This this exactly what we are doing at McAfee. We are looking at all our machine learning capabilities to understand not only how well they work today, but also how they will stand up over time and be resilient and resistant to the evasion attacks of the future.

Objectives, Methods and Innovation

We have to recognize that the adversaries are continuously innovating, and their objectives and methods evolve. They are not focused just on data theft, system breaches, and the sale of stolen information. New business models are driving things like ransomware, where the victim pays the cybercriminal directly, bypassing the risk of reselling data, and monetizing a breach in a very efficient model.

We see things like the weaponization of data, in which attackers can do damage to an individual or an organization by releasing information with the intent to harm them. They are even able to take advantage of changes in the technical ecosystem to find new objectives, such as attacking cloud environments wherein multi-tenant breaches can affect many organizations or users.

Adversaries can take advantage of vulnerabilities by using exploits. They can use stolen credentials to move around environments in such a way that the activity appears to be normal behavior and difficult for defenders to spot.

Sometimes the weakness is not technology. Sometimes it is social, or phishing, or configuration vulnerabilities. Malicious insiders may be authorized actors in an environment.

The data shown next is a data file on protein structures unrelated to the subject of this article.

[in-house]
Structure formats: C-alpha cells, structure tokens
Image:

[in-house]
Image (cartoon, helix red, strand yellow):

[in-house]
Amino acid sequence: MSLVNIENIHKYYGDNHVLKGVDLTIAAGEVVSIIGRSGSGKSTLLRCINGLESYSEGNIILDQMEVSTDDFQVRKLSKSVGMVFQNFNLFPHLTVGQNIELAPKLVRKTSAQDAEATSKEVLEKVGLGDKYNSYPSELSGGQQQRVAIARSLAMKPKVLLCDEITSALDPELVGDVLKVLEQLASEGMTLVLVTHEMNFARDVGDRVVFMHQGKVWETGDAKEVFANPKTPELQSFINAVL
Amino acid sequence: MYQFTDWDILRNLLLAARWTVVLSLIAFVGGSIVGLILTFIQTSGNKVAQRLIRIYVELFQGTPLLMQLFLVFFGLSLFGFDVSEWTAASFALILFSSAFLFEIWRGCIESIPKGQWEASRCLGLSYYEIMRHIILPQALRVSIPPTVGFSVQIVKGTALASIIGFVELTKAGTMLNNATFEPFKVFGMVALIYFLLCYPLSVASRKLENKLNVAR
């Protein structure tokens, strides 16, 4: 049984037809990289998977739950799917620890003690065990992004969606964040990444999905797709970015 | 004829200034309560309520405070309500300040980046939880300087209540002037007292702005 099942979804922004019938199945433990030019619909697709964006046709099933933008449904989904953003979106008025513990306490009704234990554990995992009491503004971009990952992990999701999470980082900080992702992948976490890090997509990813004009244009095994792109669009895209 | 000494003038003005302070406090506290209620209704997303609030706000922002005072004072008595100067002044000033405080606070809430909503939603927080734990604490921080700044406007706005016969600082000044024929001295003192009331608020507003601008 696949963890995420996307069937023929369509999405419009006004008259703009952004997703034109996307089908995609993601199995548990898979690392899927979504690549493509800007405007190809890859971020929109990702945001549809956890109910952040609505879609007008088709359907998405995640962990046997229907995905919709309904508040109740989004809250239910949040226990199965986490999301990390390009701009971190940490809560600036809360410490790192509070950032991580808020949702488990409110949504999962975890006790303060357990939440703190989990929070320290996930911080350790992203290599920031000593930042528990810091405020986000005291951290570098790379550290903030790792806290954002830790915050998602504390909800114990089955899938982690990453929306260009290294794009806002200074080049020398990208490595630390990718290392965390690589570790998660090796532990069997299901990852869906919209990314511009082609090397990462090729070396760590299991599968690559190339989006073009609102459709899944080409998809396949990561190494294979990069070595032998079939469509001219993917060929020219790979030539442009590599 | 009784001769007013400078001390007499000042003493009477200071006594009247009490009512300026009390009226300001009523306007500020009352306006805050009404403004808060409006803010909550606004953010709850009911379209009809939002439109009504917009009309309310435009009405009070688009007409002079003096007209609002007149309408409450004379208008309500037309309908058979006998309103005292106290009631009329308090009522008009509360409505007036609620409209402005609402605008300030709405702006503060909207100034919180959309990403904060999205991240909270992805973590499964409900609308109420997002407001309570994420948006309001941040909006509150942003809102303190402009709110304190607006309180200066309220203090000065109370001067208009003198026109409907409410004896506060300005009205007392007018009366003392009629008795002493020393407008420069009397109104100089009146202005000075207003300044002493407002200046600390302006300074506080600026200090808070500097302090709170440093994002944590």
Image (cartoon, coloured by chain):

The Correlation of Detection

Imagine we have a new defense technology that can defend against 5% of the threats on our threat landscape. Should we bring this technology to market when it can stop only 5% of our threats?

You clearly cannot answer that question without more data. If the 5% of threats that this technology can catch is 5% for which existing technologies do not have an answer, such a new technology is very valuable.

This question is not just hypothetical. It is the way that we are engineering and innovating with our new endpoint technology.

McAfee ENS is the most innovative endpoint product on the planet because we have used a set of technologies, each covering a different portion of the threat landscape. You have signature based, you have reputation based, and you have multiple machine learning models. Each technology on its own detects many types of threats, while also leaving some holes.

We must understand what a technology can cover that another technology potentially misses, and how effectively they work together—versus how effectively they work on their own.

Ultimately, part of the answer to out-innovating our adversaries lies in understanding that the correlation of detection technologies is as critical as their efficacy.

My next post will explain how McAfee is understanding correlation as well as efficacy, and how this understanding is paramount to McAfee’s approach to innovation.